This article is part of a series discussing what could be the perfect CSE for 2010. In a previous article, I discussed the opportunity for CSEs to implement a true product search, using product clustering for both hard and soft goods. Among the benefits of this approach is the ability to attach content to those products in far easier and more intuitive way than onto merchant offers. In this follow-up article, I will discuss what content I’m thinking about, and what improvements could be imagined to better navigate across those products and attached content.
There are so many user behaviors when it comes to shopping: those who know precisely what to buy, those who take months to do product research, those who are impulsive, those who are eco-conscious… Still, CSEs often provide pretty “static” navigation to browse products whatever the user goal can be, relying on the commonly-accepted pattern that is faceted navigation.
Faceted navigation is indeed a convenient way to filter down a result set, considering the facets are correctly defined and the number of facets remain acceptable (there are obviously other aspects to think about, but let’s consider those two for the sake of argument :) ). This leads most CSEs to implement a static and small list of facets per category; and this can lead to a pretty frustrating product research for those users who don’t find the filters they need…
Another limit in the way CSEs implement faceted navigation is that they tend to only provides descriptive or technical facets. That implies to find a camera by brand, megapixels, optical zoom ; or a pair of pants by brand, color, material… While those facets are obviously mandatory, I feel they become too restrictive especially on fashion or home decoration where people are more impulsive than on electronics or computing universes.
CSEs have then developed other ways (but not as efficient as faceted navigation) to go beyond descriptive facets:
Beyond those classic patterns to product navigation, there are also some new types of navigation that are emerging, i.e:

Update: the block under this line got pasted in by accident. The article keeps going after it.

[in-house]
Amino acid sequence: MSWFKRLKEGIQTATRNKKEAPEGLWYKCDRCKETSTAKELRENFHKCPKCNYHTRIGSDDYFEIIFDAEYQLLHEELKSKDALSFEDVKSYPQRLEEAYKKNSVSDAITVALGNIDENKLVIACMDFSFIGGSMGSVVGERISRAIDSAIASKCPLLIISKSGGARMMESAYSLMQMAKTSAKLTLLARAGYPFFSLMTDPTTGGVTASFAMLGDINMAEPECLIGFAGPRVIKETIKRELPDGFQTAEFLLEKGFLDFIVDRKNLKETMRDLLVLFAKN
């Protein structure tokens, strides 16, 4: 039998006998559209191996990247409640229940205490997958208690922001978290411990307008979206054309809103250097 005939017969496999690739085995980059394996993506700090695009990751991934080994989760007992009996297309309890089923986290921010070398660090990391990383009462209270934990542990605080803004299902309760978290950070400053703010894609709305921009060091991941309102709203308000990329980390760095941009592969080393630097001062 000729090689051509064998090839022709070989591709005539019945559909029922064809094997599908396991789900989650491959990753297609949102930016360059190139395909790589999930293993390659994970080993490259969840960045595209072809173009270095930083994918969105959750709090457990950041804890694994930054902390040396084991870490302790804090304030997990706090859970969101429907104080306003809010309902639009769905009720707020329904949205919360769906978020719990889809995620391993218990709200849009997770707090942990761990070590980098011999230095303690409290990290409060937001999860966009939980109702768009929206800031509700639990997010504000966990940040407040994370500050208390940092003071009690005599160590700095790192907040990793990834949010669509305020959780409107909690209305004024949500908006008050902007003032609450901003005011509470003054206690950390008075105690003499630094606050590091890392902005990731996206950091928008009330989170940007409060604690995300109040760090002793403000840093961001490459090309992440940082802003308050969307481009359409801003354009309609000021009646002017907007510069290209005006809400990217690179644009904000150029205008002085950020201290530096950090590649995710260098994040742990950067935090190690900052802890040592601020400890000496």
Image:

PriceRunner providing shortcuts to its faceted navigation, using Q&A style:
This is a topic I’ve discussed several times: I believe it’s time to enrich faceted navigation with filters related to product usage. Buzzillions and WisdomTap use the potential of user reviews to enhance product navigation with usage-related filters: a clever way that requires advanced text mining algorithms to be relevant.
Buzzillions has “Pros” and “Use” filters:
Without the need for such advanced algorithms, CSEs could rely on the “ratings per feature” to enhance faceted navigation. Wouldn’t it be nice for a user looking for his/her first digital camera to be able to choose a “type:compact” camera that is easy to use (“pros:ease of use”)?
Yahoo! Shopping US and ratings per feature:
Hunch uses another approach to provide usage-related attributes to products: its community creates shopping assistants with, obviously, a human touch that is very interesting.
Talking about Hunch: Hunch doesn’t use faceted navigation, but an assistant-like approach relying on questions & answers. I think it’s an interesting way to quickly understand what is the goal of the user (product research, quick finding…). I imagine a user interface where assistant-like approach and faceted navigation would be mixed. Such interface could embed and replace buying guides, and quickly adjust itself to the user. It should be able to support any number of facets in such a way only facets useful for the user are displayed.
For buying a camera, this interface would be able to answer uneasy questions such as: “I want an easy-to-use compact camera, what are my choices?” (beginner, product research), “Should I buy an advanced Bridge camera or a SLR?” (intermediate, product research), “I want a Canon EOS for any weather – which model should I get?” (intermediate, narrowed product research), “Nikon 3D, Nikon 3Ds, Canon EOS 1D Mark III, Canon EOS 1D Mark IV – which one?” (expert, precise product search).
Choosing the facets to be displayed using YouTellMe and its very precise product database:
There are now so many relevant data sources that provide facts, ratings, reviews on products that I foresee big CSEs will become more and more content aggregators to enrich their browse / search experience and meet user expectations. Today, such partnerships between content providers and CSEs are frequent; but usually the integration on the CSE side remains limited, mainly consisting on link exchange, when this content could be used to enrich filtering options. Some examples of such content providers:
If product browsing cannot be limited to faceted navigation (a good integration between browse and search is mandatory; cross-linking modules are important…), faceted navigation remains the right pattern to refine and filter down a result set; and an area where CSEs could innovate to better address user’s goals. Among those evolutions, I’ve discussed: